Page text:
Receiving Wide Coverage ...
Nixed: U.S. banking regulators rejected Wells Fargo's revised living will as inadequate and imposed new sanctions on the bank: preventing it from setting up overseas entities and buying nonbank companies. Wells was one of five big banks – the others were JPMorgan Chase, Bank of America, Bank of New York Mellon and State Street – whose living will plans were rejected last April; Wells was the only one whose revision did not pass muster. The bank has until March 31 to submit a third plan; if that one is also rejected, the bank could be hit with more sanctions, including higher capital requirements. "This the first time that regulators have imposed penalties since the country's biggest banks were required to submit 'living wills' starting in 2012," the Wall Street Journal notes. Wall Street Journal, Financial Times, New York Times, Washington Post, American Banker
Fallout also continues in related services. Wells said it has temporarily stopped sales of renters' insurance provided by Assurant while it conducts "a complete review of our online insurance product referrals." The growing scandal "highlights the risks that insurers run as they experiment with different distribution methods," the FT says.
Outlawed: In what seems to be becoming a trend, Venezuela is taking nearly half its paper money out of circulation. Starting Wednesday, Venezuelans will have just two days to deposit more than six billion of now outlawed 100-bolivar notes into banks or have them become worthless. Although there is a grace period, sort of: people who want to exchange the notes after that have 10 days to submit them to the central bank, although they'll first have to submit to questioning by the secret police. The move is designed to combat contraband along the country's borders. India, you may remember, confiscated most of its paper money to fight tax evasion and black marketeering. Wall Street Journal, Washington Post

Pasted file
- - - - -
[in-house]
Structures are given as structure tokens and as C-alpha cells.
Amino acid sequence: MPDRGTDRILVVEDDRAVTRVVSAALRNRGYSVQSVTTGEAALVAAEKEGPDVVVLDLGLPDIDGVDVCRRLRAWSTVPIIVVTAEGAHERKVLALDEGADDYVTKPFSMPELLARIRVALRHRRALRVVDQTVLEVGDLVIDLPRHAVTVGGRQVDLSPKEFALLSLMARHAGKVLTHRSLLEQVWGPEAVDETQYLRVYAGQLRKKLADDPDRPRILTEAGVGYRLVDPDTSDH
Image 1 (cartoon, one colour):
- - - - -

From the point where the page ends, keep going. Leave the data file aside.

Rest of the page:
Wall Street Journal
Tapped: The Journal reports Goldman Sachs plans to name David Solomon, co-head of the bank's investment banking division, and CFO Harvey Schwartz as the top lieutenants to CEO Lloyd Blankfein, replacing Gary Cohn, who is joining the Trump administration as its chief economic advisor. The paper calls the promotions "the most significant top-level management change at the firm in a decade." Technology chief R. Martin Chavez is expected to replace Schwartz as CFO.
New York Times
Too late: A group of big banks have asked the U.S. Supreme Court to rule that regulators took too long to file suit over tens of billions of dollars of mortgage-backed securities. The banks, including Wells Fargo, Credit Suisse and Deutsche Bank, have asked the high court to review a lower court ruling that the regulators filed their claims on time; the banks argue there should have only been a three-year window, which was missed. But the Justice Department says the banks' argument lacks merit and asked the court not to hear the case.
The case involves the August 2009 failure of Colonial Bank of Alabama, one of the largest bank failures in American history. The FDIC sued the banks that issued or underwrote $300 million in mortgage-backed securities Colonial purchased that led to its demise, claiming that the disclosures on the bonds contained false or misleading information. The suit was filed in 2012, about five years after Colonial bought the securities, the banks say.
"Not good, but it could have been much worse." — Ian Katz, director of the policy analysis group Capital Alpha, commenting on the Wells Fargo regulatory sanctions